Licensing Exchange Online Shared Mailboxes

Posted on July 12, 2018 by Tony Redmond in Exchange Online, Office, Office 365 with

Exchange Online Office 365

Microsoft Changes Exchange Online Provisioning

Beginning later this month, Microsoft will change the provisioning process for Exchange Online shared mailboxes to ensure that these mailboxes receive a 50 GB quota. Microsoft’s documentation has always said that shared mailboxes get 50 GB, but errors in the provisioning process led to the allocation of 100 GB quotas, just like regular user mailboxes.

The Need for Licenses

Shared mailboxes can have a 100 GB quota, but only if they have an Exchange Online Plan 2 license. However, unlicensed mailboxes that received a 100 GB quota keep it unless the mailbox’s “state” changes. In other words, if you convert a shared mailbox to be a user mailbox. If an unlicensed shared mailbox grows past 50 GB, Exchange will stop delivering email to the mailbox until the size is reduced under the quota or it is licensed.

Shared mailboxes also need licenses if they have archives (including auto-expanding archives) or you apply a litigation hold to the mailbox.

Popular Shared Mailboxes

Despite the availability of more modern collaboration methods within Office 365, shared mailboxes continue to be popular with customers. Common use cases include:

  • Converting mailboxes belonging to ex-employees to shared mailboxes to free up Office 365 licenses. If the converted mailboxes are bigger than 50 GB, they’ll need licenses if you want to keep them receiving email. If you don’t want to have ongoing access to the mailbox and just want to have the content available receiving email. If you don’t want to have ongoing access to the mailbox and just want to have the content available for compliance purposes, it might be better to convert ex-employee mailboxes into inactive mailboxes.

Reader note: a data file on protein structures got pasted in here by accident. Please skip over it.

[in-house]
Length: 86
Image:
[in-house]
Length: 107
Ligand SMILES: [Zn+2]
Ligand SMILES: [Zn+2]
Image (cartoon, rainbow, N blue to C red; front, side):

• Having a common point to receive inbound customer communications (help desks). This article explains the use case. Microsoft would prefer people to use Office 365 Groups for this purpose, but although Groups support the ability of members to send as or send on behalf of the group, lack of access to all the folders in the mailbox and the inability to categorize or mark items for follow-up make Groups a less than perfect solution in this scenario.
  • Basic collaboration within a small group. This might be true on-premises, but Office 365 Groups or Microsoft Teams are better cloud solutions.

Migration Targets

I do not think that a high percentage of shared mailboxes active within Exchange Online exceed 50 GB, but it is true that more of these mailboxes exist in Exchange Online than do on-premises. The reason is that shared mailboxes are also used to move data into Office 365 from legacy archiving systems or other email systems. Shared mailboxes are convenient migration targets and once the data is in the mailboxes, it is indexed and available to the full breadth of Office 365 compliance functionality.

In these cases, if you want to move more than 50 GB into a shared mailbox, you must license the target mailboxes first.

Understanding Shared Mailboxes in a Tenant

You can get a list of shared mailboxes in a tenant by looking in the Groups section of the Office 365 Admin Center. However, this doesn’t tell you what the current quota is for the mailboxes or what’s used. To get this information, we must use PowerShell.

Here’s a simple script to fetch a list of shared mailboxes and then report the current quota used, the allocated quota, and the license state. Get-MailboxStatistics is a “heavy” cmdlet, meaning that it takes more resources to run than most other cmdlets, so the script will be slow to process a large set of mailboxes.

The Future for Shared Mailboxes

Given their popularity, shared mailboxes are not going to disappear anytime soon. The change in provisioning behavior and the clampdown on email delivery when unlicensed shared mailboxes exceed 50 GB are reminders that shared mailboxes need management from time to time. Just like the rest of Office 365.

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